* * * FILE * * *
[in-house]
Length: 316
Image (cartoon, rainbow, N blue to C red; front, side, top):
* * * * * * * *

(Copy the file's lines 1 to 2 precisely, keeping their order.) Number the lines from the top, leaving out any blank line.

[in-house]
Length: 316